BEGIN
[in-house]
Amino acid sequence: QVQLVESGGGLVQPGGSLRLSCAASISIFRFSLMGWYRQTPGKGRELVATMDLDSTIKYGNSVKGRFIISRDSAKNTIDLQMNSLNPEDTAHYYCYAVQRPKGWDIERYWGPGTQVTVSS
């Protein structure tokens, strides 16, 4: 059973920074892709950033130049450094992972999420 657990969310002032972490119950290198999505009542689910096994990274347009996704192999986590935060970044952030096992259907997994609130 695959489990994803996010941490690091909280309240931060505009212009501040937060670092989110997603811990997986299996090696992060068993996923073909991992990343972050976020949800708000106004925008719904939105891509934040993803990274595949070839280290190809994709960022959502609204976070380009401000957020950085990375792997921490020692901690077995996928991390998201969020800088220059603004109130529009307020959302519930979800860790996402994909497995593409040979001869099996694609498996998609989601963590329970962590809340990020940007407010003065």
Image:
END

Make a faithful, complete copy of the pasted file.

[in-house]
Amino acid sequence: QVQLVESGGGLVQPGGSLRLSCAASISIFRFSLMGWYRQTPGKGRELVATMDLDSTIKYGNSVKGRFIISRDSAKNTIDLQMNSLNPEDTAHYYCYAVQRPKGWDIERYWGPGTQVTVSS
């Protein structure tokens, strides 16, 4: 059973920074892709950033130049450094992972999420 657990969310002032972490119950290198999505009542689910096994990274347009996704192999986590935060970044952030096992259907997994609130 695959489990994803996010941490690091909280309240931060505009212009501040937060670092989110997603811990997986299996090696992060068993996923073909991992990343972050976020949800708000106004925008719904939105891509934040993803990274595949070839280290190809994709960022959502609204976070380009401000957020950085990375792997921490020692901690077995996928991390998201969020800088220059603004109130529009307020959302519930979800860790996402994909497995593409040979001869099996694609498996998609989601963590329970962590809340990020940007407010003065």
Image: